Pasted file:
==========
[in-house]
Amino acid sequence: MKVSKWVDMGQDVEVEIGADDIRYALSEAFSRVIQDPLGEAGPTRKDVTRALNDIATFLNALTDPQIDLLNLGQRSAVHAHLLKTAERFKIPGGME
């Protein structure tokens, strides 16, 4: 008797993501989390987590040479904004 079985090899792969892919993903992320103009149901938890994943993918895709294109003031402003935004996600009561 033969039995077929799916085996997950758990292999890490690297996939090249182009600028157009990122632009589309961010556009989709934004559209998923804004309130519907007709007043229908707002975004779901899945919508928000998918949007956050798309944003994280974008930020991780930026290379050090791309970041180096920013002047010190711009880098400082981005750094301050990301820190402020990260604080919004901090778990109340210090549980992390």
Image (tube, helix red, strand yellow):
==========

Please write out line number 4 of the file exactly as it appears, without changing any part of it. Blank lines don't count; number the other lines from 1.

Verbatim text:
Image (tube, helix red, strand yellow):